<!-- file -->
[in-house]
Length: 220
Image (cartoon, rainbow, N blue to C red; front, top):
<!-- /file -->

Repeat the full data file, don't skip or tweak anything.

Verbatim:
[in-house]
Length: 220
Image (cartoon, rainbow, N blue to C red; front, top):